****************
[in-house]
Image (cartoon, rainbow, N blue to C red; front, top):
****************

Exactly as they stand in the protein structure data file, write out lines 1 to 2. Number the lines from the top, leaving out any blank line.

[in-house]
Image (cartoon, rainbow, N blue to C red; front, top):